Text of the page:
Wednesday, May 30, 2007

Just press the cure button

Hey all,

Been a bit lax of late with things piling up (though his Royal Dogness stopped by to keep my sanity levels up) and the situation with mum is not great.

A bit of background on my mad mother (who I love to bits, as it happens). She’s 68, lives on her own in a bungalow in a small village in Norfolk and is very well-liked by all her neighbours who often come to her to borrow from her extensive collection of tools and DIY items in the garage. She’s become the honorary auntie to a host of small children who know her as “Auntie B” and never seems to have hair the same colour twice (much like North American television, only more stylish).

‘Active’ hardly compasses the way my mum lives her life. She has probably repainted some or all of the bungalow at least twice in the last twelve months, is a dab hand at laying carpet, rewiring and often can be found zooming about in her car, doing the shopping for some of the young mothers in the village.

This is not, fairly obviously, a frail, old woman.


Nurses and orderlies shuffle about in the aimless way they don’t on ER. MARK SPENCER and CONCERNED NEIGHBOUR stand by the bed of AUNTIE B. A NURSE is filling in a questionnaire.


Does she have home help?

No. Why would she?


(ticking a box)

Does she suffer from pressure sores?

What? She doesn’t stay still long enough to get them.
Can you get them on your feet? From running around?

MARK starts looking over the form that the NURSE is filling in.


(to herself)

Wait a minute.
(he indicates the unconscious patient in the bed)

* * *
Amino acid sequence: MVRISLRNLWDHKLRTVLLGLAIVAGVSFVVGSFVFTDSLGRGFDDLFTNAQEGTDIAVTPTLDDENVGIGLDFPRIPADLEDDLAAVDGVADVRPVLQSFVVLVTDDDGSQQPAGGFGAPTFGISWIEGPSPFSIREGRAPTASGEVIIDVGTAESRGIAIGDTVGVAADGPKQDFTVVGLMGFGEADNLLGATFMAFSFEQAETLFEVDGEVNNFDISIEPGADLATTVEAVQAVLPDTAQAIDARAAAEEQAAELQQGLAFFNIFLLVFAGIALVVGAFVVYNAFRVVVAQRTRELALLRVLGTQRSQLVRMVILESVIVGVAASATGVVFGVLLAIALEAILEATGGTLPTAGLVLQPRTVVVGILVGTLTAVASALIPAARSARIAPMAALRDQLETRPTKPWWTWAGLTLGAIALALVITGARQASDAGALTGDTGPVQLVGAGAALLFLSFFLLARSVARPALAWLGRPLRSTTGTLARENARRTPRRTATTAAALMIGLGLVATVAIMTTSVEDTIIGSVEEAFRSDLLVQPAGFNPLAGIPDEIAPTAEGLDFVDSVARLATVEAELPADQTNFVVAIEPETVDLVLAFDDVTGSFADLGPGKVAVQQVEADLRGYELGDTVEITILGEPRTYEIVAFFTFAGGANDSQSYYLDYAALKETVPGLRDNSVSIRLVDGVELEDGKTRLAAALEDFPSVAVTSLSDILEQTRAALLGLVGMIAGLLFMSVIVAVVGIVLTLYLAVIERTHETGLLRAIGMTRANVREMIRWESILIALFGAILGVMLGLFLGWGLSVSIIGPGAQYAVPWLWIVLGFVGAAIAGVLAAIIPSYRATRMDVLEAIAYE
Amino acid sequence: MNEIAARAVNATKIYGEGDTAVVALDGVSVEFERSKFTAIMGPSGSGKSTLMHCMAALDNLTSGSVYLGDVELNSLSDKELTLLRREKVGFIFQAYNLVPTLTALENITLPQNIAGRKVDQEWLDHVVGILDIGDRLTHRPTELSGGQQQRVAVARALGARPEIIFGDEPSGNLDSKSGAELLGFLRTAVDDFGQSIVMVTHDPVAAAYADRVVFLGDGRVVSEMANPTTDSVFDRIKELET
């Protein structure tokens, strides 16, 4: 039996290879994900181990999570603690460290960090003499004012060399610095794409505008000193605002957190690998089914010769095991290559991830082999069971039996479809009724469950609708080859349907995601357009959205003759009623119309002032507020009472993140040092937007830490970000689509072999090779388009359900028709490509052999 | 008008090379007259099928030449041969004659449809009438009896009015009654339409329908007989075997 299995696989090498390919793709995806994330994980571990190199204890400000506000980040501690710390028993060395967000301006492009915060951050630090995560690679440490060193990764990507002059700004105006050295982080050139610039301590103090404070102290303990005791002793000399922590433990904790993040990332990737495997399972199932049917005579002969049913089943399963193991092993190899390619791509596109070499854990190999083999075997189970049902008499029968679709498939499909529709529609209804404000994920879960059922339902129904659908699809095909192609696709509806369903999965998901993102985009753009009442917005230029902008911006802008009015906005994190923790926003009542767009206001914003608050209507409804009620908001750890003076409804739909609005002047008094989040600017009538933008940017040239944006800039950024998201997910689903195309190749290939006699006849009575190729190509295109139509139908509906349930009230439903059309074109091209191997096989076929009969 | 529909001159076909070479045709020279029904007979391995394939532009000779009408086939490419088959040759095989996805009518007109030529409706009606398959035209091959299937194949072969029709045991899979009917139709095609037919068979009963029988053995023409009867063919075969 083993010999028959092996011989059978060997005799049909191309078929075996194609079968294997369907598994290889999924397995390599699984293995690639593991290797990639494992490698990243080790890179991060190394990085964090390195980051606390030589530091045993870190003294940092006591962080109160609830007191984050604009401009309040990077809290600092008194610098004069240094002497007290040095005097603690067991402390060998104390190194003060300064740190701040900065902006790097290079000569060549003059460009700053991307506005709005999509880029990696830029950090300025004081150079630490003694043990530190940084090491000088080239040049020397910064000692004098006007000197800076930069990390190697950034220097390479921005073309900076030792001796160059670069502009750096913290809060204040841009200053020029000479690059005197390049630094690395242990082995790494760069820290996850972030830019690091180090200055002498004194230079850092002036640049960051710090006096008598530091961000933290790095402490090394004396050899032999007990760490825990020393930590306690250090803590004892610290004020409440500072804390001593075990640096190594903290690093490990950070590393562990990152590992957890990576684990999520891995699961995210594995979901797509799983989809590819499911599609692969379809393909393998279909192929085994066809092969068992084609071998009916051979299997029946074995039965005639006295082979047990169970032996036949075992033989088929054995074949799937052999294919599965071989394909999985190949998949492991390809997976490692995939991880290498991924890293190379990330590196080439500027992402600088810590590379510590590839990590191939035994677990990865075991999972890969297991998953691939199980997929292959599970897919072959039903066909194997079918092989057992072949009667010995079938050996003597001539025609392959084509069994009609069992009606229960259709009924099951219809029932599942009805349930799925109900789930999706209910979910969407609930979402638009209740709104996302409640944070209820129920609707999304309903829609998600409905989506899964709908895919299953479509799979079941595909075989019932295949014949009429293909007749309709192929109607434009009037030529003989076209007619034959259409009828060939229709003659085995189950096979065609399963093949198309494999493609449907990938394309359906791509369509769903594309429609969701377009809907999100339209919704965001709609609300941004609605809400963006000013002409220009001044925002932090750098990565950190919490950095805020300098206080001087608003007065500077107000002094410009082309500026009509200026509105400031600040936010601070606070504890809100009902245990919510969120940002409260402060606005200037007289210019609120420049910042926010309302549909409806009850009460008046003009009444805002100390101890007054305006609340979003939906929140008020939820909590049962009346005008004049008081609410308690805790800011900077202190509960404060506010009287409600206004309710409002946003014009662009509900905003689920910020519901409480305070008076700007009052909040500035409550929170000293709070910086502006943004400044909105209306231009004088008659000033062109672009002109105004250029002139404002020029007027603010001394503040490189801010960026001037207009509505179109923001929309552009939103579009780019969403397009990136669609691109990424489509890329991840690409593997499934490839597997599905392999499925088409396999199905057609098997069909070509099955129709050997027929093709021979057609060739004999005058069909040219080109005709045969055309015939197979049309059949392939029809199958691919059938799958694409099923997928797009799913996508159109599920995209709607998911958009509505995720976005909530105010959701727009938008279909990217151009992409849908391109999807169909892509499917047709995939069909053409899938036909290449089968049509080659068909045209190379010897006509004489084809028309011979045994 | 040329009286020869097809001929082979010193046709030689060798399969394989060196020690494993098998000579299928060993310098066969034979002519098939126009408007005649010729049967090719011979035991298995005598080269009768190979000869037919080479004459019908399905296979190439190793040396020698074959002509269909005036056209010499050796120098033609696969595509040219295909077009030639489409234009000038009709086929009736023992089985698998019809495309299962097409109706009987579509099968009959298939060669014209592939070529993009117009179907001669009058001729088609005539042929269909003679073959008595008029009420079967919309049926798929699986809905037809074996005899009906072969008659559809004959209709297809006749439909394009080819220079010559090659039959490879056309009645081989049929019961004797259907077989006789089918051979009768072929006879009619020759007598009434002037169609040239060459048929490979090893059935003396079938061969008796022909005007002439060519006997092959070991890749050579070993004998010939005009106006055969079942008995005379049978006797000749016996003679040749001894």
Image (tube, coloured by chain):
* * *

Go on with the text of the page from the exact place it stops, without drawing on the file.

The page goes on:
See her there?

The NURSE nods.

Imagine someone the complete opposite of that.

Loud. Rushing about. Fit. Busy.
This is like the antimatter version of my mum here.

The NURSE nods, then returns to the form.

Does she have her meals delivered?

MARK screams and punches the NURSE through a wall. He begins to build a gigantic sacrificial tower from forms, clipboards and pieces of passing junior doctor.

Back to reality. It seems that mum has nothing wrong with her back muscles per se. What she does have is a dose of septicemia that the docs can’t seem to find the root cause of. The septicemia is a staphylococcus aureleus (SA) infection, though thankfully not MRSA. It’s a tough gig for me to see her so frail and weak, knowing what she’s usually like. I can only imagine how throughly pissed off she is with not being able to be up and about, fixing a neighbour’s roof or something equally taxing.

It would seem that the initial back pain was from her kidneys giving out due to massive dehydration.

I now have a stinking cold, so can’t go in and see her. Grrrr...

Thanks to all that have stopped by and wished her well.


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